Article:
Hi - I'm looking into prolotherapy for my neck as well. I have a mild bulging on C5 and not too much pain but some. My neck feels weaker and I feel like my lower neck feels pressure and pain supporting my neck/head. I'm starting PT first to see if that will help, but my osteo recommended prolo and I'm interested in hearing how it went. Which doctor did you see? Thanks!

 
Old 02-13-2008, 11:17 AM   #7
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Re: Prolotherapy

My pain management doctor, Dr, C. Kochert does these for me. we do it as an outpatient procedure at the hospital. I am usually at the hospital for about an hour and half, then I come home and take a nap. ( I always do conscious sedation so I am pretty sleepy afterward. the first time I did the procedure it was very painful. I think maybe because I didn't know what to expect. I couldn't find much on the internet about it and I am very sensitive to any kind of pain. This procedure has helped my neck a lot! I am probably going to have to do it again soon because I am starting to have the popping there again. If you do this let me know how it goes, Dee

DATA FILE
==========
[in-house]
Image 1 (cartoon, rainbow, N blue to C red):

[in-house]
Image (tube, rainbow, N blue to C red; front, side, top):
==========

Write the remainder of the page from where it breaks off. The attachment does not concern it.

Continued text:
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Old 02-13-2008, 12:03 PM   #8
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Re: Prolotherapy

Hi all.

I can not offer comment on the prolotherapy other than I am versed in the process and whatnot.

Lisa, you mentioned you've been to Chiro, PT and accupunture. Have you seen anyone else, such as an orthopaedic surgeon? Has anyone done any MRI of your lower spine, just to make sure that your spine is normal and how was your SI joint pinpointed as the possible source of your pain?

Who told you that your one leg is shorter than the other and just how significant is it?

What made you think about prolotherapy?
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Old 02-13-2008, 09:21 PM   #9
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Re: Prolotherapy

This is what Shawley had done, I am pretty sure, and he is off ignoring all of these days. He has regained his life back and has been hunting and camping. My two cents is if you have tried everything else and nothing else has worked what have you got to lose? Just be sure to research like you are doing and I will certainly pray that it works for you if you should decide to move forward with it.

Good luck in whatever you decide.

 
Old 02-15-2008, 08:21 AM   #10
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Re: Prolotherapy